“Creativity, Inc. – Overcoming the unseen forces that stand in the way of true inspiration” is a book by Ed Catmull, the president of Pixar Animation and Disney Animation. Yes, it is a very long title. I came to know about from a list of favorite books mentioned by Mark Zuckerberg, Facebook founder.
What intrigued me the most about this book the is way Ed Catmull talks about his journey in Pixar and Disney – with emphasis on various leadership challenges he faced while ensuring his organizations stay fearlessly creative. Ed talks about various leadership principles by mapping them to the different real world things – movies like Monster Inc, Finding Nemo, Tangled etc – interactions with legends like Steve Jobs – and his own experiences at his university, Lucasfilms, Pixar and Disney.
I strongly recommend this book to everyone who aspire to take up leadership positions at whatever levels. Be it a manager for small team, leader for a larger group or someone running an company (small or large) – this book has some really useful lessons and some very inspiring stories.
The book starts with Ed’s early days where he was highly motivated to created the first computer animated movie. He talks about the (perceived) threat USA faced from USSR in 1950’s and how the United States created its best possible response – ARPA! This entity ensured various educational and research institutes develop solutions that would help USA win a dangerous race it was involved in. I wish India comes up with a similar response to the educational and research challenges we face today. UGC has failed so far – the IIT system is not producing anything useful for the country. We have to invest more in the normal colleges in this country and guide them to produce their creative best.
This book does mention about technical details of animation but those references are very limited to the leadership principle that is being discussed. A reader should not expect any detailed technical account of how a computer animated movie is made.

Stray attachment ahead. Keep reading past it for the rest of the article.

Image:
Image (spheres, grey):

The author gives a first hand account of how various roadblocks for creativity were solved. The top 3 instances I should quote are:
- Employees in an organization should be free to share their views. There should not be any fear of retribution from management
- Leaders should put in place a serious and well functioning way of doing postmortems after every major achievement
- Planned budgets for projects should be kept to the minimal possible. Larger projects indirectly inculcates a fear of failure in employees thus limiting their ability to take risks
And then there are so many anecdotes around various movies the studios produced. Again, my top 3 favorites:
- The way screenplay for Finding Nemo was changed as non-linear narration was perceived to be difficult for kids to understand
- The story behind changing the movie title from “Rapunzel” to “Tangled”
- The turn around in Disney Animation from a long drought of 15+ years when they did not produce a single movies that opened No.1 at the box office
Ed also presents a detailed account of his interactions with legendary Steve Jobs. I was aware that Steve Jobs was associated with Pixar Animations but did not know the nature of is association. Ed gives a heartwarming tribute to Steve. He also explains what is incorrect in the way Steve Jobs is projected in various books and media accounts. In case you are not aware, Steve Jobs had very to do with the creative outcomes of Pixar but he played a very important role in keeping Pixar alive and ensuring it has a great future by merging it with Disney.
To conclude, this is a great book! Go ahead and read it. Definitely worth your time.
And BIG THANKS to Ed Catmull for sharing with us his views on creativity and how organization should work incessantly towards clearing the roadblock in its path.